Friday, July 3, 2009

With Liberty and Justice for All: A Year in Review

Independence Day on July 4th represents the birthday of freedom for America. As our nation has completed its 233rd year, it is time to assess the state of liberty and justice in this land.


The last year saw an historic change, as the Bush Administration gave way to the new administration of America’s first African-America President, Barack Obama. Not only was this a change in party and racial background in the office of the president, but also there was a fundamental change in how liberty and justice would be applied both here and abroad.

While the Bush-Cheney Administration was intent on limiting liberty and justice to protect us from the “terrorists,” the Obama Administration brought the hope of a return to our principals of liberty and justice for all.

Foreign Relations: How Do We Treat Our Enemies?

In this regard, the US has always had enemies. The names change – British, Spanish, Germans, Russians, terrorists – but there have always been one or more enemies and we can expect this in the future. And there will always be evil in the world. The attacks of 9-11 are not the only incidence where evil deeds have or will result in the death of innocent people.

But, the question is how we deal with the perpetrators of such evil deeds.

Under Bush-Cheney, the deeds of terrorist were raised to a level of concern greater that of past enemies of the US. New methods were needed:
Indefinite detention conveniently fit the loophole that some terrorists are not agents of a particular nation, and therefore not soldiers protected by international convention. Nor were they criminals, as they were committing acts of war and not crimes. This loophole was large enough to round up even suspected terrorists. Clearly some were associated with terrorists groups, but others may have been little more but in the wrong place at the wrong time.

Extraordinary rendition was also applied to these combatants. This is a fancy term for out-sourcing the imprisonment, torture, and possible execution of captured alleged terrorists. Some subjected to rendition were nationals of friendly nations such as Canada and the UK.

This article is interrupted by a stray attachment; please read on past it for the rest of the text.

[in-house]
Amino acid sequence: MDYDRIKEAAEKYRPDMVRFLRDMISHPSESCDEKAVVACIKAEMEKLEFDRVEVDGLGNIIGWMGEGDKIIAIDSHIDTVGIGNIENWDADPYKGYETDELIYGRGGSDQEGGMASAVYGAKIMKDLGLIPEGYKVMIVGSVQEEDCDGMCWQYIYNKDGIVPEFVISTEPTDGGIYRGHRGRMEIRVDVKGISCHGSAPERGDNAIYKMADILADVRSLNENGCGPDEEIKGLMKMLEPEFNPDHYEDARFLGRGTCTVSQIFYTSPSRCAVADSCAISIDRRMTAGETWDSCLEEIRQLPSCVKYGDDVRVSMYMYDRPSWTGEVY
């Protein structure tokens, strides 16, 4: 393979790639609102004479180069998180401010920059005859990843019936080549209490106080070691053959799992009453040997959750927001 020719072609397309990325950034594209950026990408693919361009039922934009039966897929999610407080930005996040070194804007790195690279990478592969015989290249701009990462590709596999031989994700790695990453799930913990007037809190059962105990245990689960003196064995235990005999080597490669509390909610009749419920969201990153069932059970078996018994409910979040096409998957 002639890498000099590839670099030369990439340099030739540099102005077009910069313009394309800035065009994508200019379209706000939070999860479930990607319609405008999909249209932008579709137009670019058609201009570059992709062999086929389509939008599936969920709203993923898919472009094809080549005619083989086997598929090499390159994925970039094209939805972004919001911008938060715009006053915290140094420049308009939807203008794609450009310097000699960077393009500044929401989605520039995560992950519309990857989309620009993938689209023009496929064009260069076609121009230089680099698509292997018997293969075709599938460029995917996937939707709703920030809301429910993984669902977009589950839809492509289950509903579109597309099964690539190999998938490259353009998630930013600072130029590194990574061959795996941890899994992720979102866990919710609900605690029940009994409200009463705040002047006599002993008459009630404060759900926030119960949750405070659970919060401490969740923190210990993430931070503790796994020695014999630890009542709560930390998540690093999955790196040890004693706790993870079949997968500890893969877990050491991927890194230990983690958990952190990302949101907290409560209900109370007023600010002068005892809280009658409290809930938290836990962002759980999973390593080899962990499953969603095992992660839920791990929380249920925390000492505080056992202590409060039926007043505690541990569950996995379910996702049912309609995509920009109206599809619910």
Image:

Special interrogation was the fancy term for what most would call torture. While Cheney argues to this day that waterboarding is not torture and was effective in gaining information, most Americans were not proud of a nation that used torture in interrogations carried out by the CIA, military or even government contractors.

Change Under Obama?

So far, we have seen positive steps under the new president. We’re seeing administration officials call waterboarding and other “special interrogation” methods as torture. We’ve heard the call to close the prison at Guantanamo. But we have heard of no call to end indefinite detention for these prisoners.

While official use of rendition appears to have ended, it was disappointing that the Obama administration still claimed “state secrets privilege” in February in regard to a lawsuit against Boeing Company for arranging rendition flights. (See my posts Rendition Revisited and Rendition Revisited-Update.)

Domestic Issues

Under Bush/Cheney we saw a reaction to the attacks of 9-11 that coupled fear with restrictions on liberties. Whereas FDR proclaimed “The only thing we have to fear is fear itself,” we saw Bush/Cheney emphasize the need to fear the terrorists. The change in administration has been accompanied by the end of this fear campaign.

On the liberty side, we saw greater restrictions for airline passengers, more surveillance cameras in public areas, and the wiretapping of citizens’ oversees calls. In this category, as the memory of 9-11 faded, there was some let-up, but most of these still remain.

Civil Liberties

The constitution guarantees equal rights for all. But theory and practice often diverge.